Ok so i noticed on my 93 xjs when i bought it that there was grey sticky smeary goop at the bottom of my door cards. I kinda figured at some point one of the previous owners tried to “fix” something and went uber nuts with some adhesive. Flash forward to now and ive seen pretty much the exact same crap on at least three other xjs’s! Was this a dealer fix?
Faint recollection here of cars that had a sheet of plastic bonded to the door before the door cards were installed. Apparently to keep the door cards dry, I guess. The plastic always seems to be in the way when you’re trying to fix something in there. I seem to recall the plastic being stuck to the door with something akin to that grey goop.
Yeah ive delt with the plastic dust barrier before on other cars, my xjs’s is foam. Ive just never seen the crap so loaded up on other, cheaper, cars lol
you sure it’s not grease?
Why would there be grease there?
I greased my locking mechanism and window motor arms when I was in there. Perhaps someone got overzealous with the grease?
Not grease. It is a grey goo (adhesive). All facelifts have it.
I just recommended to a new member (another thread on the good release) to befriend the archives, apparently all members must be reminded that the archives are there for us to use :-))))
The adhesive is akin to what one can find in the local hardware store under the brand name SikaFlex
Ooooh, Jaguar clearly applied too much of the stuff! It’s not supposed to ooze out, is it?
It is not. But, after 25+, the material that was applied at the factory is completely “transformed” by the elements. When I got my car in 2010, it was bone dry. Now, 10 year later I begin the see signs of the goo to show up. Not as bad as the OP, but buy the same time next year… :-((
I agree completely about using the archives. I have been on Jag-Lovers for almost 20 years and I use the archives regularly. I find them a valuable resource and a helpful and efficient way to do my research. At this point there are very few XJ-S/XJS matters that have not been discussed on this list yet many people post questions that have been asked and answered many times over. I guess they think it is easier that way. I can usually find the answers to my questions in the archives quicker and easier than posting and waiting for a reply. Of course that is not always true, but many times it is. I prefer to save my requests for help until after I check the archives.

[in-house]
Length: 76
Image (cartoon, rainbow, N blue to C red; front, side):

Thanks Steve! The really sucky part is that it transfers pretty easily! I took off the foam liner and then it started to rain so i laid it on the passenger seat with the goo facing up, or at least most of it, because when i went back out, there were a couple spots on the seat! Needless to say i had to use wd40 to get it to come off! Its almost as bad as antisieze! At some point someone got some on their finger and touched the top. Drrrrrrr
I usually do a site search and read through postings, but i must admit i didn’t this time. My bad
yep. My 95 coupe has the grey goop peeking out at the bottom of the door card
Man, this is another reason I’m glad I own a pre-Facelift!
Please Greg. Let’s not do that. Not the right time and occasion to discuss pre- vs post-facelift.
PS Next time I come to Seattle with my 6.0L, I will have you try it around the block, I am sure your perspective will change… :-)))
I believe Jag calls those clear plastic sheets “rain curtains”, or some such. I always assumed the purpose of them was to keep any water that gets past the door card from getting into the electrics …
I think every car I’ve had and needed to take the door cards off have had them. The SAAB is the same age as the Jag and it has them attached by a black mastic type goop. After nearly 30 years it is still pliable and sticky enough to hold the plastic film in place, but stays attached as a firm bead along the door edge.
My impression of that stuff is that it is very similar to “Liquid Nails” … I’m thinking at the factory they likely just lay a bead of it down around the perimeter of the door using a caulking tube (or gun) and then smash the plastic sheet down onto it going around the perimeter.